Modern slavery constitutes a ‘high’ or ‘extreme risk’ in 115 countries, according to a new global ranking released by risk analytics company Verisk Maplecroft. The research concludes that Asian and African commodity producers and manufacturing countries pose the greatest challenge to companies navigating new legislation on supply chain disclosure, such as the UK Modern Slavery Act. Significantly, the Asian heavyweight exporters of China and India feature in the ‘extreme risk’ category, alongside important natural resource hubs, including DR Congo, Iran and Côte d’Ivoire.
With only four major Western economies – the UK, Germany, Denmark and Finland – rated ‘low risk’, the authors of the study also stress that nowhere is fully immune to what British Prime Minister Theresa May has dubbed “the great human rights issue of our time”. The UK is ranked 187th out of 198 countries in the index. A number of European economies, such as Sweden, France and Ireland, are on the cusp of being ‘low risk’.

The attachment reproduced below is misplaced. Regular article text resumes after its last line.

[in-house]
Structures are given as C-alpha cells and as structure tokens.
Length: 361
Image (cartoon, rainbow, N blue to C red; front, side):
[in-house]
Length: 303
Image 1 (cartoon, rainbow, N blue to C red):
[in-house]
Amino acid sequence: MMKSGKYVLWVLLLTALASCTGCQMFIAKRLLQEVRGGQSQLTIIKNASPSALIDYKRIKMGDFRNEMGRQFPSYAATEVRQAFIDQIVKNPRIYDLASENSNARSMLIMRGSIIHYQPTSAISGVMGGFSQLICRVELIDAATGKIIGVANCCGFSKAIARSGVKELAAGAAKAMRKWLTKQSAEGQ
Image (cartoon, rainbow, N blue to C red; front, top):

The methodology for Verisk Maplecroft’s Modern Slavery Index was developed over the course of the last 12 months and uses multiple data sources to benchmark the risk at a global scale. The company has aligned its research with the definitions of slavery laid out in the UK Modern Slavery Act by analysing the breadth of national legislation; the quality of law enforcement; and reported evidence of trafficking, forced labour, servitude and slavery. The index will enable companies to perform a top-level risk assessment of their exposure to modern slavery that can be used in mandatory statements.